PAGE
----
This year’s Farmers Market Guide goes beyond a list of addresses and websites to tell the stories of farmers you might see throughout the season. We profiled those who make convenience foods, grow vegetables, create cheese and produce grass-fed beef. Of course, there are many more farmers than room in print to tell their stories, which is why The Reader has also designated the first week of every month as Local Food Week. During those weeks we will dedicate space and time to the local producers who grow our food and share what’s in season as well as news and events surrounding local food.

Take time this year to introduce yourself and get to know your producers. Many farmers’ market websites provide links to vendor sites where you can learn more about CSA programs, farm tours, and most importantly, food growing philosophies.

Farm Name: L & L Jacobsen Farm (Range West Beef)

Farmers: Luke and Lori Jacobsen

Location: Marquette, Ne

Products: Grass-fed Beef and Organically-fed Pork (Grain Place Food), pastured chicken eggs

Designations: Grass-fed and pastured

Years as Farmers: 34 years

Which Markets in 2012: Village Pointe, Downtown Omaha


Peter Jacobsen stood in the Omaha Stockyards wearing a 3-piece suit and a pocket watch. He posed in front of mud-caked cattle just brought in by rail. It was 1904 and it was the beginning of ranching in Nebraska for this Danish-immigrant family.

Luke Jacobsen, his great grandson continues to tend the same land his family settled in 1892 and although cattle is still the family focus, it has taken on new meaning in today’s world and marketplace.

Part of his evolution as a farmer and rancher included switching his cattle operation from grain-fed to grass-fed beef, which wasn’t without risk or expense. He credits his wife’s job as a first-grade teacher for giving them the flexibility to transform valuable and high-paying farmland from crops to pasture.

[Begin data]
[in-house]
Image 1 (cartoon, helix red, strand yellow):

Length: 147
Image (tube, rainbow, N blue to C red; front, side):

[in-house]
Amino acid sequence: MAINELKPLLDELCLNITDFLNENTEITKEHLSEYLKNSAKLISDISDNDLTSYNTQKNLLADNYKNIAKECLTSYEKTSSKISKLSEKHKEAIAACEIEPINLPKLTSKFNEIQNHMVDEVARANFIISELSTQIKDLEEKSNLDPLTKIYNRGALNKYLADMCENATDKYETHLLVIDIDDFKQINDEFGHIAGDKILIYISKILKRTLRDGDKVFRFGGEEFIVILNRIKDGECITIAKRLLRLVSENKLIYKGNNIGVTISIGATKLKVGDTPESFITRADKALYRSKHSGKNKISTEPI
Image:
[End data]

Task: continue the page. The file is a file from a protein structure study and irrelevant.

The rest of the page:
Concerns over his own health, the loss of his mother-in-law at a young age and his mother’s personal battle with breast cancer motivated Jacobsen to question methods used in production agriculture. But it wasn’t until a 2004 trip to South America where his curiosity in grass-fed beef became a dedicated commitment. 

“Argentina has been using grass-fed beef for a long time and what I saw there really sparked my interest,” Jacobsen said.”

By 2007 he started selling grass-fed beef and the following year he sold it via the Omaha Farmer’s Market. At the time few people knew about or even understood the value of grass-fed beef in the Midwest, but interest is growing and Jacobsen feels this is just the beginning.

“We have a little more support now, but not the kind you see in typical production agriculture. We probably don’t have the research and development going on because most of the focus in Ag is on cheap and plentiful, which doesn’t always mean the highest quality,” he said. “I really feel like that is one of the problems we have in our country. We’ve ignored the differences you find when you focus on quality — including nutritional elements that go into our food.”

Keeping his farm and cattle operation small is just fine with Jacobsen who says he has no interest in becoming a large-scale operation tending to 5000 acres.

“If that farmer goes away, no one will notice, but when you create food of a different aspect, of a certain quality … if I went away, someone would notice,” he said.

As an aging member and the fourth generation he hopes new photos of family with cattle will be on the horizon, perhaps wearing a dress rather than a three-piece suit.

“My granddaughter, Ava, says she wants to be my farmer, so it might skip a generation.”

Farm Name: Small’s Fruit Farm

Farmers: Renee and Jim Small